Common And Endangered Species: How Does Society Allocate Support For Their Conservation
Tisdell, Clem & Wilson, Clevo (2005) Common And Endangered Species: How Does Society Allocate Support For Their Conservation. In ACE 05 - The Economic Society Of Australia: 34th Conference Of Economists, 26-28 September, Melbourne, VIC.
Examines how society allocates support for species’ conservation when numbers involved are large and resources are limited. Rational behaviour suggests that species in urgent need of conservation will receive more support than those species that are common. However, we demonstrate that in the absence of balanced knowledge common species will receive support more than they would otherwise receive despite society placing high existence values on all species. Twenty four species, both common and endangered and some with a restricted distribution, are examined. We demonstrate that balanced information is vital in order to direct more support for species that are endangered than those that are not. Implications for conservation stemming from the findings are discussed.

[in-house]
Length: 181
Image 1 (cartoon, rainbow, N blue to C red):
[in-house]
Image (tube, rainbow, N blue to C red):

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|Item Type:||Conference Paper|
|Keywords:||Tropical Wildlife, Endangered Species, Public Support, Willingness To Pay|
|Subjects:||Australian and New Zealand Standard Research Classification > ECONOMICS (140000) > APPLIED ECONOMICS (140200) > Environment and Resource Economics (140205)|
|Divisions:||Current > QUT Faculties and Divisions > QUT Business School
Current > Schools > School of Economics & Finance
|Deposited On:||17 Jun 2009 14:34|
|Last Modified:||01 Mar 2012 00:45|
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